Stabilising Molecules For Improved Flow Battery Potential

Flow batteries

Barely a week after we reported on an improved redox flow battery out of Harvard University, a team of chemists from Utah and Michigan Universities have developed a charge-storing molecule that they say is 1,000 times more stable than the compounds currently used in flow battery systems.

The breakthrough is important because of the way flow batteries store and release energy. While in conventional deep cycle batteries, energy is stored as the electrode material, in a flow battery it is stored as electrolyte.

The electrolyte solution is composed of molecules called anolytes and catholytes, which either charge or discharge energy as the solution flows past the electrodes.

How a flow battery works

Image: Sharmila Samaroo/University of Michigan

Borrowing a molecular modelling technique used by the pharmaceutical industry to predict the structural properties of medicines, the team identified a highly stable anolyte based on the organic molecule pyridinium, a molecule containing no metals and designed to dissolve in an organic solvent, making it more stable.

According to their findings, this anolyte provides the best combination of stability and redox potential, which is directly related to how much energy it can store.

“Our first compound had a half-life of about eight-12 hours,” says University Utah chemist Matthew Sigman, referring to the time in which half of the compound would decompose. “The compound that we predicted was stable on the order of months.”

University of Michigan chemist Melanie Sanford collaborated with Sigman and Utah electrochemist Shelley Minteer through the U.S. Department of Energy’s Joint Centre for Energy Storage Research (JCESR), an Innovation Hub aimed at creating next-generation batteries for renewable energy storage.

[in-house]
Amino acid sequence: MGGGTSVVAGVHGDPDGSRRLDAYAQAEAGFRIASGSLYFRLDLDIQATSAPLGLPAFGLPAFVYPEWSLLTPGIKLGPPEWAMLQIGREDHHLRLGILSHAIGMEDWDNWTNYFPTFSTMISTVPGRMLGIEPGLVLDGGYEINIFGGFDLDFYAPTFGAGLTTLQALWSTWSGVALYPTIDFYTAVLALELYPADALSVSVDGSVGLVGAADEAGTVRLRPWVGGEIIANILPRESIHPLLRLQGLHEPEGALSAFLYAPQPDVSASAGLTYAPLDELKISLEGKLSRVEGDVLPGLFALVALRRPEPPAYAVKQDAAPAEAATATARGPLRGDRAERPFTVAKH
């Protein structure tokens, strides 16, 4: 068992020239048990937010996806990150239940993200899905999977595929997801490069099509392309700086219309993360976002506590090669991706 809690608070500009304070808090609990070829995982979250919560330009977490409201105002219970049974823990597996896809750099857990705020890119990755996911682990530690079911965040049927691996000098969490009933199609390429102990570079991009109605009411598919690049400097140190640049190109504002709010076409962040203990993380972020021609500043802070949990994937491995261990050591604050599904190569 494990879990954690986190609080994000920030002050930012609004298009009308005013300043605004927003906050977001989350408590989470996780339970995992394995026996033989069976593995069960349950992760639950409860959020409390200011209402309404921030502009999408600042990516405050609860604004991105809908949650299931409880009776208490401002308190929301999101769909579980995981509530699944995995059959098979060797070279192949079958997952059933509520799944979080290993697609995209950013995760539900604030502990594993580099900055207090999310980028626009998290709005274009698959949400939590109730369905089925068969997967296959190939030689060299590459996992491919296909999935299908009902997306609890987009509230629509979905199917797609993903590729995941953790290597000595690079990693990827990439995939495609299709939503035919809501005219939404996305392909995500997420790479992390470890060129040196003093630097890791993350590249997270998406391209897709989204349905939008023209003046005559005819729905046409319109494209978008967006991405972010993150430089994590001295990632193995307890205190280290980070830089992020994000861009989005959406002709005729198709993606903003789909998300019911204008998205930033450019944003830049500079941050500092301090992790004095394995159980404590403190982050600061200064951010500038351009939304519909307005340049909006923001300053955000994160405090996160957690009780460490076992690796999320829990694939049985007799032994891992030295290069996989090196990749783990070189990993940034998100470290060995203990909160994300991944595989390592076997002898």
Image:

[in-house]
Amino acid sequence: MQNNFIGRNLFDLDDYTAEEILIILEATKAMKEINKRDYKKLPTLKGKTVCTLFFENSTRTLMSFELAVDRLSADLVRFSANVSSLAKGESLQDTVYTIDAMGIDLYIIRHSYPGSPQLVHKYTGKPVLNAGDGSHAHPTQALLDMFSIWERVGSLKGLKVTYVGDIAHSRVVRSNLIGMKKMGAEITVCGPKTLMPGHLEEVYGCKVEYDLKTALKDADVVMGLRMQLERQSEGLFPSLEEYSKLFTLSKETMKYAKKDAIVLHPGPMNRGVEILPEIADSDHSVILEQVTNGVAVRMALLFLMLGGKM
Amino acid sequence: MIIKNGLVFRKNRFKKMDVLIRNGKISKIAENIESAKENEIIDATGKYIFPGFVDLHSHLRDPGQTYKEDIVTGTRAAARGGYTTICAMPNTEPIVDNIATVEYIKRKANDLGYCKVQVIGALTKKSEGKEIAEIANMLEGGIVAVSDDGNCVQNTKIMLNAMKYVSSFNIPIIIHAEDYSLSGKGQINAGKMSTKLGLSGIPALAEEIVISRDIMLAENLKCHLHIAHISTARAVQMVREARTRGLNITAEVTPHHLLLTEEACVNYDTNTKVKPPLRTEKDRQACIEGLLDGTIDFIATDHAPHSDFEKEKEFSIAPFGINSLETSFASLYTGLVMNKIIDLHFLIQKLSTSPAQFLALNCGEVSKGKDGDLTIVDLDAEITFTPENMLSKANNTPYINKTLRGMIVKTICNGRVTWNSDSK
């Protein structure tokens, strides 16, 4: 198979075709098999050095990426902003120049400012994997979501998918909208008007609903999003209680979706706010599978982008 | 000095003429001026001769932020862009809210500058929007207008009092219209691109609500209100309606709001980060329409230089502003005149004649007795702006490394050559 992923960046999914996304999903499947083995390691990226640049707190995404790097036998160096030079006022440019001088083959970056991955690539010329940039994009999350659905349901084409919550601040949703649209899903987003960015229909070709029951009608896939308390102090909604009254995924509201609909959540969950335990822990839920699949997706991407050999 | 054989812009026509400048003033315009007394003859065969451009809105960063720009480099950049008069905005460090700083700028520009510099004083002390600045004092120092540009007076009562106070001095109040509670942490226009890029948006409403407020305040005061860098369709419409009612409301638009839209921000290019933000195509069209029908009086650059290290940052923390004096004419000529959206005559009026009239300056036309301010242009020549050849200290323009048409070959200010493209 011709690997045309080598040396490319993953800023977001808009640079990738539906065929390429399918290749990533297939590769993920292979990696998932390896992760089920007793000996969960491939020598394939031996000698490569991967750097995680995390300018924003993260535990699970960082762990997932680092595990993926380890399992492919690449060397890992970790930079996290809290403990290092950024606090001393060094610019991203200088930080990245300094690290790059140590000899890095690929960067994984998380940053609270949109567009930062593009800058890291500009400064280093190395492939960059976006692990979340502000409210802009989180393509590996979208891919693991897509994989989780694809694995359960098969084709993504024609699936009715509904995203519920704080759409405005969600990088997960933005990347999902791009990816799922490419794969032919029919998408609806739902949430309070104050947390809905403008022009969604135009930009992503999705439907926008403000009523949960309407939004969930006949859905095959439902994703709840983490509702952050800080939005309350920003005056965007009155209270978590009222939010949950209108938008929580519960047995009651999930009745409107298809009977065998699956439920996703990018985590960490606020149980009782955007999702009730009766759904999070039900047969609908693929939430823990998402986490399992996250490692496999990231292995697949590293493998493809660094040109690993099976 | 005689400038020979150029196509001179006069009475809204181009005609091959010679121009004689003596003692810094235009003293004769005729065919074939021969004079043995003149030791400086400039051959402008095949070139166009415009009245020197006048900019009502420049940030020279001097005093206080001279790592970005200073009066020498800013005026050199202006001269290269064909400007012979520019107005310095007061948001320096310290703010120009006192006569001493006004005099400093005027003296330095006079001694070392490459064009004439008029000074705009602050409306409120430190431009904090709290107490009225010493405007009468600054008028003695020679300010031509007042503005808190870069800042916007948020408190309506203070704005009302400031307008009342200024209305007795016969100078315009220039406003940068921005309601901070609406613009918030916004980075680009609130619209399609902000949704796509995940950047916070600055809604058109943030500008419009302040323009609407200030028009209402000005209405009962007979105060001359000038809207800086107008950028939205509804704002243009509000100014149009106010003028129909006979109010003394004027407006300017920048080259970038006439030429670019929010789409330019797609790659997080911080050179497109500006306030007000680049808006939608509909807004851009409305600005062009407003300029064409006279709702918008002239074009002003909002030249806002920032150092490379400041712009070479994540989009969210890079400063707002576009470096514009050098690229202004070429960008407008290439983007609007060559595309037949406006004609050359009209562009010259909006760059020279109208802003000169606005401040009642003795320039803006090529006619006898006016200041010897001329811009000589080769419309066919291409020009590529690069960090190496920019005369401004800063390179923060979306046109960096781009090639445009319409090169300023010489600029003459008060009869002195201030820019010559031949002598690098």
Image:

Their goal is to do away with the need for vanadium, a potentially toxic and expensive material that is used in some current flow batteries. Although vanadium can store more energy, it is also highly unstable and decomposes over repeated charge/discharge cycles.

By applying the same predictive methodology used in drug design by pharmaceutical chemists, the group will focus on building a better catholyte molecule to pair with the improved organic anolyte.

“We bring the tools of chemists to a field that was traditionally the purview of engineers,” Sanford says.

“It’s a multipart challenge, but you can’t do anything if you don’t have stable molecules with low redox potentials. You need to work from there.”

The findings are reported in the Journal of the American Chemical Society.